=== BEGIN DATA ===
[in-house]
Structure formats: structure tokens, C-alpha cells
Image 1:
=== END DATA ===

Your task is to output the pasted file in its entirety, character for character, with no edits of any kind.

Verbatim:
[in-house]
Structure formats: structure tokens, C-alpha cells
Image 1: